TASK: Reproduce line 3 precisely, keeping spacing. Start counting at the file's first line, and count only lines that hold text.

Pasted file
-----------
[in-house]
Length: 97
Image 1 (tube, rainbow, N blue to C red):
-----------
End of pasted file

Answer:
Image 1 (tube, rainbow, N blue to C red):